Articles > Construction

Are Verbal Instructions enough for a Building Contract?

December 18, 2020   Kristine TranPhilip Evangelou

Generally, contracts do not have to be in writing to be enforceable. In everyday circumstances such as entering a car park, a written contract is not required but they are still legally binding. However, for any contract to be enforceable, there must be three key features:

  1. An agreement between the parties with particular obligations
  2. An intention to make the agreement legally binding 
  3. Consideration for the performance of such obligations

Therefore, verbal instructions of an agreement can establish a building contract on the basis that there is both intention to enter the agreement and consideration for the contract.

Non verbal agreements in the Construction Industry

Building contracts are legally binding agreements between two or more parties which require the parties to perform obligations such as building, renovating or undergoing certain works for a certain sum of money. This type of contract may consist of express or implied terms which require certain obligations from the builder and relevant party. 

As building contracts involve a substantial amount of money, it is highly recommended for parties to have these contracts in writing. Otherwise, it may be difficult to prove if there are any issues arising with the performance of the contract. Including express terms that specify each party’s obligations in the contract can better protect the parties from potential disputes regarding payment, or performance of the building requirements. 

Express Terms in a Building Contract

Typical express provisions in a building contract may include:

  • The building to be constructed
  • Costs associated with the building 
  • Time frame of the constructions
  • Building materials to be used 

Other express terms may include the rights, liabilities, duties and responsibilities of each party such as:

  • Professional Standards to be used
  • Payments
  • Inspection
  • Rectification warranties
  • Indemnities
  • Any other specific provisions in relation to the type of building being constructed

As such, where there is no express term on a particular obligation for the parties, implied terms to a contract can also protect parties in a dispute. Where a term is implied by an Act of Parliament, parties have the choice to exclude them. However, if the Act prevents certain terms from being excluded in a contract, then that particular term will still form part of the contract, regardless of whether both parties agree or not. For example, the parties cannot agree that the Home Building Act 1989 (NSW) does not apply.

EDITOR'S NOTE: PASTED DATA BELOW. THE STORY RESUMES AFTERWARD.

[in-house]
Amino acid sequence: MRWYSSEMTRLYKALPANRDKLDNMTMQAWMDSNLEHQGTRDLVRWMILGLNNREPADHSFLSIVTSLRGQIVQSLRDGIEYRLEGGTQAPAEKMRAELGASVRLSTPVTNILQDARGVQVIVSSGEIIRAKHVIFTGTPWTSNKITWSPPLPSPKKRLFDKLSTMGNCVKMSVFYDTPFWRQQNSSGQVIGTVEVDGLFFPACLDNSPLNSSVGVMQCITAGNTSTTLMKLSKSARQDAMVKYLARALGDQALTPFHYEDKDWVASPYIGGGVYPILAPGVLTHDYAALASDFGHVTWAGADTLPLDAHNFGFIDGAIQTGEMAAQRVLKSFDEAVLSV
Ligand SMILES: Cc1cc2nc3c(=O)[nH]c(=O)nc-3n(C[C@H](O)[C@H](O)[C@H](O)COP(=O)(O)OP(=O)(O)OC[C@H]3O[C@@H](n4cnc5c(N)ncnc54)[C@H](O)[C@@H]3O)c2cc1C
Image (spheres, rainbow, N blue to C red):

What type of implied terms arise in a building contract?

In a building contract, implied terms may include the contract warranting that the work will be: 

  • Performed in a proper manner and accordingly to the plans and building specifications. All materials will be suitable and new, and reasonably fit for that purpose unless specified.
  • Carried out with proper skill and due diligence 
  • Completed within a reasonable time frame unless specified otherwise
  • Completed by the contractor who is given possession of the site within a reasonable time

Main points

  • To prevent parties from building disputes,  it is strongly recommended for building contracts to be explicitly in writing. 
  • In doing so, this protects parties from certain issues regarding the building, payments or rectifications. 
  • Having a written contract ensures that all parties perform to the standard provided in the contract, and protects parties when certain issues arise from the contract.

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About Kristine Tran

Avatar photoKristine is a legal intern at OpenLegal. She is a fifth year UTS law student nearing the final stages of her law degree. She has previously worked for a boutique law firm and volunteered as a paralegal with the Refugee Advice and Casework Services (RACS).

About Philip Evangelou

phillipPhil is a director at OpenLegal. He has over 16 years experience working in private practice and in-house counsel in Sydney and London, giving him expertise in employment law, IP, finance, leases, dispute resolution, insurance and contracts.